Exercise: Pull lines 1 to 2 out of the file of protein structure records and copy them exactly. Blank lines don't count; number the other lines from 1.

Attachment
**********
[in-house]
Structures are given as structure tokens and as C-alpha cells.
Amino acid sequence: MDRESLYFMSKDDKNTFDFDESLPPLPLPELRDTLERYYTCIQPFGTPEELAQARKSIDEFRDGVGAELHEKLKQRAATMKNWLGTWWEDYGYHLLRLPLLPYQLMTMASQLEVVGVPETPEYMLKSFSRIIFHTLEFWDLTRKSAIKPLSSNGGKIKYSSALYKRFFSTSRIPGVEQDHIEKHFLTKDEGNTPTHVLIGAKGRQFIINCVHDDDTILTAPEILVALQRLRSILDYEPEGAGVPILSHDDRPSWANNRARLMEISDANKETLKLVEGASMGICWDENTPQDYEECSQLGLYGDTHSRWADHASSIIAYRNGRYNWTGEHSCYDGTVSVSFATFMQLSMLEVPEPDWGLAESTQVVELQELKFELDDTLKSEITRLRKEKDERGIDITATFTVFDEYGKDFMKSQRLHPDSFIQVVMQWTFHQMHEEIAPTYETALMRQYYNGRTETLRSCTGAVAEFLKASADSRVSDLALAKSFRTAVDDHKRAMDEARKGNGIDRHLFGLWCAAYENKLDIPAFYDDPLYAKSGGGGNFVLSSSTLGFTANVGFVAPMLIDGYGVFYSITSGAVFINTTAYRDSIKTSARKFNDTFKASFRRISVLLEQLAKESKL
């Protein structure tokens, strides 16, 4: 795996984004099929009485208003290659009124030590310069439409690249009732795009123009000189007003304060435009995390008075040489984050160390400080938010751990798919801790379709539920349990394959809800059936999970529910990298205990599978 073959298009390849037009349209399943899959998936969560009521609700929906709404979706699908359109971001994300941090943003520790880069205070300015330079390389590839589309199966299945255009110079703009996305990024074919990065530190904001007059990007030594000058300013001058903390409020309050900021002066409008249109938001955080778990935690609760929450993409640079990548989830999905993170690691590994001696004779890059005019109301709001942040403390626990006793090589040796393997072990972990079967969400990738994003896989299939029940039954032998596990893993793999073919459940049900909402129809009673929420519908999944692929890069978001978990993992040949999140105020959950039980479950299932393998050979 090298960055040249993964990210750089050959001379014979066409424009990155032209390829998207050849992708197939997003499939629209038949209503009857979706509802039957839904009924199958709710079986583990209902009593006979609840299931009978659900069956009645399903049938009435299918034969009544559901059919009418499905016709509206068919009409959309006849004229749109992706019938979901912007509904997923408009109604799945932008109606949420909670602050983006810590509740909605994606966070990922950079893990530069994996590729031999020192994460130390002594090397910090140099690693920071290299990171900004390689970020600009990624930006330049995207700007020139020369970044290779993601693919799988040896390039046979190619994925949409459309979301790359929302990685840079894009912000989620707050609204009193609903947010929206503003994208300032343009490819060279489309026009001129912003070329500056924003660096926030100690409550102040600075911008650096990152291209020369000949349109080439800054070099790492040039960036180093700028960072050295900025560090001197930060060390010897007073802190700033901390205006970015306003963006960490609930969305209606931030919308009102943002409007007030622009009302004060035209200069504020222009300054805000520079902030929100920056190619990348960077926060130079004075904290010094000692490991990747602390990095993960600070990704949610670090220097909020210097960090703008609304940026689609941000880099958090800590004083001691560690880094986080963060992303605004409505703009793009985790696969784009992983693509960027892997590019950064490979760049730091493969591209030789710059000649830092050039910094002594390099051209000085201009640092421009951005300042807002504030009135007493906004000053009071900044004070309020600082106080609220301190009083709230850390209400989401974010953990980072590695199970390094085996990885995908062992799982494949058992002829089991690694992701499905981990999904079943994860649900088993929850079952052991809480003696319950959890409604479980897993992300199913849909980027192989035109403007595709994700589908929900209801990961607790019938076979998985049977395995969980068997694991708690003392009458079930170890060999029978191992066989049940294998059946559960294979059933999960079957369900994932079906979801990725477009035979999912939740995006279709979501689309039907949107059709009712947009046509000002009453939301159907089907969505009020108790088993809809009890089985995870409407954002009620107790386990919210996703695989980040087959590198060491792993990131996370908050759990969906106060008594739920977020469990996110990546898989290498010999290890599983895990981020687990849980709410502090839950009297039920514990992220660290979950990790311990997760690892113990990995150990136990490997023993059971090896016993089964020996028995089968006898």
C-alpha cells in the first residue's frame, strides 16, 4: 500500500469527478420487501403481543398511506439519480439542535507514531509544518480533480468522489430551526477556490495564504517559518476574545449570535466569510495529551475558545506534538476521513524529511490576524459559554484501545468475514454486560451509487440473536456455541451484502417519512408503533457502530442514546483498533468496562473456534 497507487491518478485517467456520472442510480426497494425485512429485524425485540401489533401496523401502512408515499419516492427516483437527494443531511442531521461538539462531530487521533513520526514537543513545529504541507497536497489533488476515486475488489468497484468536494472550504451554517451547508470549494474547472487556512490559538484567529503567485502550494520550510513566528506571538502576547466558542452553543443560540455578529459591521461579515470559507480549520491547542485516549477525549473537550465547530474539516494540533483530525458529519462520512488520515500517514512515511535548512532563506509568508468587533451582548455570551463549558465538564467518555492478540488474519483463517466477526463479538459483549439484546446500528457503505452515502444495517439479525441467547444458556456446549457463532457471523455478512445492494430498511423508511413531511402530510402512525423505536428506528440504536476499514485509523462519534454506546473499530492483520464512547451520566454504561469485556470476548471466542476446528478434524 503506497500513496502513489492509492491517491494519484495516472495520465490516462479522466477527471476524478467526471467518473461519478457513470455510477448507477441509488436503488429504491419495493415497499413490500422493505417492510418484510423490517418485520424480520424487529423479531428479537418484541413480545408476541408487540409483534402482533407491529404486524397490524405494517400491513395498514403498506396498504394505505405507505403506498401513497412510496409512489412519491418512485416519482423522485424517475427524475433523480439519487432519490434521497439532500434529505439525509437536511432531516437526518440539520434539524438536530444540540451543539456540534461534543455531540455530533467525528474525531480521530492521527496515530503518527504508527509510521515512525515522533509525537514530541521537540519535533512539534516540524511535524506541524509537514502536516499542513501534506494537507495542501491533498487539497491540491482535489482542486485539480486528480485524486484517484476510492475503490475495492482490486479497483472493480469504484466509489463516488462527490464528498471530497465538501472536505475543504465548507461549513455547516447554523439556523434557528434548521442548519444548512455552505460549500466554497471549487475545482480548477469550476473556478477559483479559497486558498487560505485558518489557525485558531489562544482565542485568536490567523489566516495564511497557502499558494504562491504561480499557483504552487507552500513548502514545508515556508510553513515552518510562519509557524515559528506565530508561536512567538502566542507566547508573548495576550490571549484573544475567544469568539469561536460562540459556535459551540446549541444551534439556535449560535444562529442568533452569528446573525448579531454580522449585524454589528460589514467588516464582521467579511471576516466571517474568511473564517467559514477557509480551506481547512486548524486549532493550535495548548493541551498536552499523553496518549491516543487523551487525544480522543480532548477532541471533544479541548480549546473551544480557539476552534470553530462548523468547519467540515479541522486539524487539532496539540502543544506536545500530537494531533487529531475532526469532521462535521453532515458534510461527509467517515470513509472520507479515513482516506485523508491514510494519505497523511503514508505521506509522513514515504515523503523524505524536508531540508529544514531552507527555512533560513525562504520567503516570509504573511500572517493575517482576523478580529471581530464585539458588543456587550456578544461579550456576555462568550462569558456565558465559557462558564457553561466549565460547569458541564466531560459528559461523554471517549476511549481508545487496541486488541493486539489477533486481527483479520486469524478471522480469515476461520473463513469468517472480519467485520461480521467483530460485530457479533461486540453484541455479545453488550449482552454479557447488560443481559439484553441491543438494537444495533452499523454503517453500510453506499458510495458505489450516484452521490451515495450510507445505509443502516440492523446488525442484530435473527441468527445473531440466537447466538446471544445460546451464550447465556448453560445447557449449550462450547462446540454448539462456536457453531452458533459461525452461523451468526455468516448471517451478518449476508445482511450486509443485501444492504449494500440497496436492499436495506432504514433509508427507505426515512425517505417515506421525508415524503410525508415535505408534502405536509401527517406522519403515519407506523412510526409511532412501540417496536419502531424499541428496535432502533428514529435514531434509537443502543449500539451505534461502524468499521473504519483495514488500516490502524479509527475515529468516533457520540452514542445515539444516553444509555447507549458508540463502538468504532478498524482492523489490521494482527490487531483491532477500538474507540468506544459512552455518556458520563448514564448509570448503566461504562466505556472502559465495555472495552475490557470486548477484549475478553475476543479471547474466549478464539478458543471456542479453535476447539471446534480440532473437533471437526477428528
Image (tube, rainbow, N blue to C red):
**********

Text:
[in-house]
Structures are given as structure tokens and as C-alpha cells.